Are you an out-of-date commander or a gardener of talent?

6716551377_aa30bc0f86_bMany management practices stem from command-control models of organizations. The bosses command, and the troops are supposed to follow.

Sadly, this approach doesn’t line up with the reality of current-day challenges. We don’t live in a predictable world that operates like a Swiss watch. Managers don’t and can’t have all of the answers. Similarly, employees, especially younger generations, don’t want to be cogs in the corporate structure.

For years, my colleague Meg Wheatley, author of “Leadership and the New Science” and many other books, has noted that it’s time for leaders to shift from being “heroes” futilely trying to have all of the answers to being “hosts” who bring talent to the party and create the conditions for creative and productive work. (See, for example, “Leadership
Host” Margaret
Frieze ©2010)

Thankfully, even military leadership, one of the bastions of command-control mentality, recognizes these realities. Retired General Stanley McChrystal’s new book, “Team of Teams: New Rules of Engagement for a Complex World,” boldly articulates the new reality and what’s needed. Consider his recap of some key points on page 232. (Italics are McChrystal’s.)

- Although we intuitively know the world has changed, most leaders reflect a model and leader development process that are sorely out of date. We often demand unrealistic levels of knowledge in leaders and force them into ineffective attempts to micromanage.

- The temptation to lead as a chess master, controlling each move of the organization, must give way to an approach as a gardener, enabling rather than directing.

- A gardening approach to leadership is anything but passive. The leader acts as an “Eyes-On, Hands-Off” enabler who creates and maintains an ecosystem in which the organization operates.

Have you and your organization embraced these new realities?

How are you being a gardener of talent?

Do you want to boost the growth and application of talent in your organization? See resources and examples at Discover how leaders can be more effective (and less stressed) by tapping the self-motivation of the talented people in their organizations.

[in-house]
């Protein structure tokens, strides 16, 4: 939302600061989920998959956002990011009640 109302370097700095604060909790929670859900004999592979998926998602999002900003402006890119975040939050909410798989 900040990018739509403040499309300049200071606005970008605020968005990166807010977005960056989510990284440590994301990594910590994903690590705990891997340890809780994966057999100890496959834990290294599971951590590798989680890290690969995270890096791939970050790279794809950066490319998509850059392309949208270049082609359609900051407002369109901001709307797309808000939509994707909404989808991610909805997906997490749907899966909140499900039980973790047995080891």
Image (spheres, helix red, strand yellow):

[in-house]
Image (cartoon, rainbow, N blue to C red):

Photo by: Garry Knight


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Overcoming ObstaclesPosted in %s, Talent in the Workplace

Are You Triggering Your Best Performance?

triggers marshall goldsmith don maruskaIs there something that you want to have happen in your career, organization, or life? What’s getting in your way? Of course, significant changes encounter many perceived and real obstacles. The critical question is what are you doing about them?

In his new book “Triggers,” Marshall Goldsmith highlights the big gap between planning and doing. He describes six “engaging questions” that he invites participants to ask themselves each day for ten working days. Each question begins with “Did I do my best to” and ends with “today?” While the content of the questions is important, what’s particularly powerful is the focus on what each of us (not someone else) did to do our best and did today (not sometime in the future).

Taking charge of what we want and taking action today yield success. This is core to our message in “Take Charge of Your Talent: Three Keys to Thriving in Your Career, Organization, and Life.” What will help you move from planning to action? Here are some of the 15 tools that have proven useful to accelerate through obstacles:

  • Take 5 – spend 5 minutes at day giving focused attention to your hopes. [p. 64]
  • Make your hopes visible—create images and reminders in your environment to keep your deepest hopes in mind.
  • Have your very own Hope Holders—ask the right people to tend the flame of your inspiration and never let you give up on yourself.
  • Get your “but” out of the way—examine how you think about things that get in your way. Remove what is interfering.
  • Flip your concerns into hopes—explore your concerns to see what hope underlies them.
  • Take the 100 Resource Challenge—discover the many underused resources that can help you succeed.
  • Take consistent action with a Daily Action Pack—convert big objectives into bite-sized pieces that you can accomplish each day.

Pick the tools that will help you thrive.

Honor yourself with the questions and tools that put you in charge. When we shift our thinking from what’s in our way to what we can do today, our minds work to help us find a path.

Enjoy the results.




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Overcoming Obstacles features “3 Keys to Unlocking Employee Talent”
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